Alumni in Action

Amy Santee

Applied Anthropologist and Freelance Research Consultant

Amy Santee
Class of 2008
Major: Anthropology
Minor: Spanish
Advanced Degree: MA, Applied Anthropology, University of Memphis
Where are you now and what are you doing?

I recently moved to Portland, Oregon, after my partner got a new job here. I am getting into the world of freelance research consulting for businesses and non-profits. Prior to Portland, I was living in Bloomington, Illinois, where I worked as a qualitative consumer research analyst for State Farm Insurance.

Aside from work, my partner and I have been enjoying the great city of Portland and all of its superb amenities. For one, there is an amazing food culture here, which suits us because we love to explore the landscape of cuisine. Portland is also surrounded by all kinds of great locations for photography and road trips, including mountains, lakes, rivers, forests, and rocky coasts, and interesting urban landscapes; photography is a hobby we both share. It's also a very politically progressive and environmentally conscious city, more than any other place I've lived before.

What does your job entail and how has your Eckerd experience impacted your career?

As a freelance research consultant, I try to help businesses and non-profits make better decisions based on insights gained from human-centered research. Using primarily qualitative, ethnographic and context-based approaches, I help organizations better understand the driving forces behind the behaviors, needs and preferences of their customers, users and stakeholders.

The great thing about freelancing is that the projects on which you work change from week to week and month to month. Right now I am finishing up a project doing stakeholder interviews with individuals from the business, government, environmental and agriculture communities to assess opinions of the services provided by a local water resource management company. Another current project involves preliminary research on health care interpretation services for a non-profit journalism outlet. I am also traveling to San Diego where I will be doing some ethnographic fieldwork for a major household appliances company studying beverage consumption and storage in people's everyday lives.

What makes Eckerd so special or why does it stand out to you as a great college? What does it mean to you now that you have been away for awhile?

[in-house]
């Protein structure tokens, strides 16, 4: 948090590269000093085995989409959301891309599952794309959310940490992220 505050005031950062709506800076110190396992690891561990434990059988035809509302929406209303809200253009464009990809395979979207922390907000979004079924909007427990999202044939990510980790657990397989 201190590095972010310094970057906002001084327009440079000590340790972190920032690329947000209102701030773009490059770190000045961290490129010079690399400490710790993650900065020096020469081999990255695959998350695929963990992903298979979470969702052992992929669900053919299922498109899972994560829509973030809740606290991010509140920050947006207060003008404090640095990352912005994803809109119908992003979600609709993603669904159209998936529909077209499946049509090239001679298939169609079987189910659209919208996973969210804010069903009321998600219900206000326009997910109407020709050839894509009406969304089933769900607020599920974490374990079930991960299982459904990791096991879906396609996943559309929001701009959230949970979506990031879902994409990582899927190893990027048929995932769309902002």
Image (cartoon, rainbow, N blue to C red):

I always say that going to Eckerd was one of the best decisions I've ever made. I think it was my campus tour that convinced me that it was where I belonged. I could see it and feel it in all of the things Eckerd had to offer, from its focus on the liberal arts and its small classes to its community life and stunningly beautiful campus. Moreover, I had the sense that I could be myself here and do the things that were important to me intellectually and personally. I could have turned out to be completely wrong, but thank goodness I wasn't!

I think Eckerd can be whatever you want it to be, whether you're really focused on doing research with your professors or interested in student government or the environment or if you play sports. Eckerd provides numerous opportunities for students, no matter what their interests are. You just have to seek out the opportunities and they will present themselves to you.

Describe some of the people who had a profound impact on your Eckerd experience.

First and foremost, there was a handful of professors who really pushed me to do my best and encouraged me to be myself and to explore. Professor Jing Shen was the best Autumn Term teacher I could have had. She really made me understand what it meant to be in college (versus high school), and prepared me for the level of work and intellectual energy that would be required for the next four years. Professor Victoria Baker, my mentor, shared her wisdom with me regularly and helped me understand the world. She guided my senior thesis work, and helped me to become the anthropologist I am today. Professor George Meese led the Winter Term 2005 London group and opened my eyes to the beauty and pleasure of the arts. Professor Erika Spohrer was a blast to work with as a tutor at the Writing Center, and a fun travel companion during writing conferences. Professor Carolyn Johnston led the Ford Apprentice Scholars class. She never stopped encouraging students to learn and explore the history of ideas. I really appreciated her enthusiasm for history and her unceasingly positive attitude.

I also developed lasting friendships with some amazing folks at the Academy of Senior Professionals at Eckerd College (ASPEC), including Jane McBride, Bob and Nena Shepherd, and Bob and Pat Sheldon. I was connected to ASPEC in a number of ways. I talked with many ASPEC members for my thesis on the redevelopment of downtown St. Petersburg, collecting their memories and perspectives on the area. Jim Sweeny shared with me his vast collection of vintage postcards for the project, many of which I scanned and included in the final printed version of my thesis. And I worked part-time as a server at the ASPEC food and wine dinners, where I met the Shepherds and the Sheldons, some of the most amazing people I will ever know. ASPEC is one part of Eckerd that I don't think enough students get involved or even know about, and I would highly recommend they do so.

Are there core Eckerd values you see in most Eckerd students and graduates?

Absolutely. Most of the students I've met value intellectual development, critical thinking, global citizenship and social responsibility, community as well as individualism, hard work, the pursuit of truth, both subjective and objective, and making the world a better place.

Using 5 words or less complete this sentence: Eckerd is…

a college that changes lives.

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